Sarah was never meant to live past five years old. Born with Holoprosencephaly, she defied the odds from day one.
The condition is usually characterized by facial deformities and the fusing together of the left and right side of the brain, which restricts brain development. On average only 22 individuals are born with it a year and through this, Sarah has proved that she is an incredibly special girl.
Sarah’s grandmother Margaret and her husband Phillip have been caring for her since she was 6 months old. She has always been encouraged to be an active member of the family and loves to socialize, just like any other 28-year-old young woman.
For Margaret and Phillip, who are both retired, caring for Sarah never took a second thought. In their 70’s now, the couple receive support to care for their granddaughter during the day but when it comes to the nighttime they provide 100% of her care. This is just one example of the undying love and support that they offer their grandchild.
“They said she’d never talk, that she wouldn’t know night from day, but she knows it all. You can’t pull the wool over her eyes. I’d say that’s because she’s always involved in everything, we let her know that she’s loved and wanted.” – Margaret
Despite having Holoprosencephaly, Cerebral Palsy, Microcephaly and Quadriplegia, Sarah is described by her loved ones as being social, happy and an incredibly healthy young woman. She loves music, cute boys and is out in the community, seeing friends or shopping every day of the week.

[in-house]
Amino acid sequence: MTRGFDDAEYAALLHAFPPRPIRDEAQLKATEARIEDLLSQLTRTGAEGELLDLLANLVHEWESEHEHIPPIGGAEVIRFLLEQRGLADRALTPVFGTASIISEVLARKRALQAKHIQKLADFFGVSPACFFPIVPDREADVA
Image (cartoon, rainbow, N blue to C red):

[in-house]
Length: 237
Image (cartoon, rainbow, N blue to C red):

“A lot of people can’t believe how healthy she is! You would expect with someone like Sarah who has severe disabilities that she’d be sick all the time. I really think it’s because she’s involved in everything that we do as a family, she’s never left alone. If we’re in the kitchen, she’s in the kitchen if we’re out the back at the barbeque, she’s there.”
For the family, it is imperative that they keep Sarah at home forever. They attribute her advanced abilities to her constant stimulation and attention that she receives as part of the family unit. Margaret and Phillip are in the processes of ensuring that living in a nursing home is never a reality for Sarah and describe life with Sarah as being the best thing they have ever done. She is the light of the family!
“The hardest part of caring for Sarah would be if she was to die. That would break me. We’re stuck together, she’s my world and she knows it.”
“Before she was even born, something told me that she was made for me. I’m not religious but I sure do believe in that. If anything happens to Sarah, then I guess I go down too.”
Part of being able to keep her at home, where she is stimulated and has the freedom to be a young woman is facilitating her access to the community. For Sarah, this comes through the use of an accessible vehicle that is large enough to accommodate her wheelchair and carers.
“For Sarah, the car is her life. Otherwise she’d be stuck at home with us and wouldn’t go anywhere.”
When Sarah was provided funding through the At Home Care grants to buy the van that will allow her to go out, her grandparents were beside themselves with excitement. Nothing makes them happier than seeing their beautiful granddaughter living a young life and doing the things that make her happiest.